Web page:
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Homeless get cold shoulder

by Tom Hasslinger
| November 29, 2010 8:00 PM

COEUR d'ALENE - The good news is that it raised sleeping bags.

The bad news is it asked the people it was trying to help to leave.

Firstly, Steve Bell, the man who slept outside the Harding Center on Nov. 19, compiled 350 sleeping bags, blankets and jackets he donated to the Fresh Start warming center. Bell's overnight sleep was part of Homeless and Hunger Awareness Week - a tribute to the area's homeless population who face the cold night after night.

But those Bell was trying to help couldn't camp out with him. Against city ordinances, the Harding Center didn't make an allowance for actual homeless people when it worked out its deal with Bell that allowed him to use their property to deliver his message.

"That's the irony, isn't it?" Bell said. "If you had a home you could spend the night there, if you didn't have a home, you couldn't."

Instead, up to 50 homeless people who showed up were directed to spend the night at the Fresh Start warming center. The general public could, however. One of Bell's friends, who wished to have his name withheld, camped out.

"That was the deal," said Bell, who didn't think it would prove to be an issue since he never expected homeless people to show up and join him in the sleepout. "That was just my deal with the Harding Center."

The Harding Center did not return messages to The Press.

Sleeping or camping out in the city is a misdemeanor offense under trespassing or panhandling statutes, but is rarely enforced. Rather, officers generally direct homeless to the area warming shelters, according to Police Sgt. Christie Wood.

Police didn't get involved Nov. 19 , but by 10:30 that night, around four hours after the event started, the homeless people were directed to Fresh Start.

"I was under the impression that they wouldn't allow it and we needed an alternative plan," said Jeff Brooks, Fresh Start board member, who worked with Patty McGruder, outreach worker for Dirne Community Health Center, to open the warming center after they learned of that the homeless couldn't sleep over.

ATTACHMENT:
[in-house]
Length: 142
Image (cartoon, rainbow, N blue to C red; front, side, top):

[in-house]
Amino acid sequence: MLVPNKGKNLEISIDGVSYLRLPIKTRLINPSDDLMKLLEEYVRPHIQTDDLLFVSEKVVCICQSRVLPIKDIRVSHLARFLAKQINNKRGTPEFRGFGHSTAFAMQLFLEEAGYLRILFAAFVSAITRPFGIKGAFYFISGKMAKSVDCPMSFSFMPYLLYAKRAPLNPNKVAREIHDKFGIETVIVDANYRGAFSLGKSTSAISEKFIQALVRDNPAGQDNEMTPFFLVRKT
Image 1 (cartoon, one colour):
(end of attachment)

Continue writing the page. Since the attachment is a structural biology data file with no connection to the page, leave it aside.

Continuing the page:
The first time hosting the event, Bell's goal is to raise 2,000 sleeping bags for the Kootenai County homeless population some agencies estimate have reached that high.

The last point in time count tallied 700 homeless people last January, but that was just a one-day count on the people they could find. Bell wanted to raise awareness during the week honoring how many people have nowhere else to go come nightfall.

The get-together offered hot food, a fire and stories for those who came.

When the homeless people found out they couldn't stay, only a few complained, Bell said. McGruder knew the people. They would have screened the people had it become an issue on who could or couldn't stay.

"I guess the bottom line is it's pretty ironic how that worked out," Bell said, adding he was pleased with the raised items and the community support for the event.

Fresh Start opens when temperatures dip to 20 degrees at night. Lows Friday hovered in the upper 20s, and 22 people stayed at the warming center that night.

"We got a call from Patty McGruder saying things didn't pan out, and could we open early," said Fresh Start Executive Director Howard Martinson on the "unexpected" need. "So I did."

Bell, meanwhile, said he can't wait for next year.

He said he wants improve next year's event, making it even bigger. He said he isn't sure how he will plan it yet.

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